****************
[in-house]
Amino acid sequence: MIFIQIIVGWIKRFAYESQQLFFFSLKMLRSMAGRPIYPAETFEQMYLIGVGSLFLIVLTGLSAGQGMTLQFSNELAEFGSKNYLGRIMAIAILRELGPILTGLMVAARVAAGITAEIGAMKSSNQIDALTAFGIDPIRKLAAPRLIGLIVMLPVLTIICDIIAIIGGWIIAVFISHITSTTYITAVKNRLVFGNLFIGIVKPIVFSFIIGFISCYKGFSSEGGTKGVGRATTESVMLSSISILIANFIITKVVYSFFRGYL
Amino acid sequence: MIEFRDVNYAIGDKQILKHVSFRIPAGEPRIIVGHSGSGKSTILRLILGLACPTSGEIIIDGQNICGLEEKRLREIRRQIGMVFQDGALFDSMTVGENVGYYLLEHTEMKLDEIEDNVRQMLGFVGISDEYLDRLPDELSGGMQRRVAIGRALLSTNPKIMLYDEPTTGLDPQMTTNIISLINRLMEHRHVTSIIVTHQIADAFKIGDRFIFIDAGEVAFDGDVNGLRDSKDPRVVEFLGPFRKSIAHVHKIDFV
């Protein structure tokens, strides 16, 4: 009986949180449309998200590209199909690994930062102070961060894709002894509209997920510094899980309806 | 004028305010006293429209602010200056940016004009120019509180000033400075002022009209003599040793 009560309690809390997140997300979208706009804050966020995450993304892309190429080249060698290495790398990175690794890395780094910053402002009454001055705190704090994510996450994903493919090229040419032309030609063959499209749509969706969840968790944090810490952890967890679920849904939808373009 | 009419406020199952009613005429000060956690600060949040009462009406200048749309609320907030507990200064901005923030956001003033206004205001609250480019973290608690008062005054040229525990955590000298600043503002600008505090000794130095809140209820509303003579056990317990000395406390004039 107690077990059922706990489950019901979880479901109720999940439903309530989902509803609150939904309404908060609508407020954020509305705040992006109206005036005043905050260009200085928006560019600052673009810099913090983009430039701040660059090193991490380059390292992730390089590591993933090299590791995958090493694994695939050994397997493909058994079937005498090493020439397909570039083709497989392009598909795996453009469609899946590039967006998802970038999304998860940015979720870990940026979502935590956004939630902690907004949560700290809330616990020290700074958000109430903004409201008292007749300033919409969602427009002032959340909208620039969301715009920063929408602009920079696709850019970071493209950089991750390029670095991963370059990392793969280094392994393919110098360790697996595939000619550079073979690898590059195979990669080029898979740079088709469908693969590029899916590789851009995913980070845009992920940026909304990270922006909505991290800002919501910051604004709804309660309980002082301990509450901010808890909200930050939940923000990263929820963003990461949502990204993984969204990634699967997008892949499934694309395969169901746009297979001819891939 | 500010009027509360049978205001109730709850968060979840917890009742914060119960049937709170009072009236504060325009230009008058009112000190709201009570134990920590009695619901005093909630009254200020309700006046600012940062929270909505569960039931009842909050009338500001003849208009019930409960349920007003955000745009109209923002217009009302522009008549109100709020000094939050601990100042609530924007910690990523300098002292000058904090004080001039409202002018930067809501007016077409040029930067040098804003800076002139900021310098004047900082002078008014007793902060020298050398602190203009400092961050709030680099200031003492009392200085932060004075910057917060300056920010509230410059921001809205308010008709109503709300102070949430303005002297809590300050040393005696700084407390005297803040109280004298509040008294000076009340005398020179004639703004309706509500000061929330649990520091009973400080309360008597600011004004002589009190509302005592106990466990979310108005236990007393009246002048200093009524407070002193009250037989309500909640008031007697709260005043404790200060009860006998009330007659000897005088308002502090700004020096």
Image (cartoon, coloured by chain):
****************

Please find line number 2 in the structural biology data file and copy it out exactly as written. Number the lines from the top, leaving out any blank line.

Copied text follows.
Amino acid sequence: MIFIQIIVGWIKRFAYESQQLFFFSLKMLRSMAGRPIYPAETFEQMYLIGVGSLFLIVLTGLSAGQGMTLQFSNELAEFGSKNYLGRIMAIAILRELGPILTGLMVAARVAAGITAEIGAMKSSNQIDALTAFGIDPIRKLAAPRLIGLIVMLPVLTIICDIIAIIGGWIIAVFISHITSTTYITAVKNRLVFGNLFIGIVKPIVFSFIIGFISCYKGFSSEGGTKGVGRATTESVMLSSISILIANFIITKVVYSFFRGYL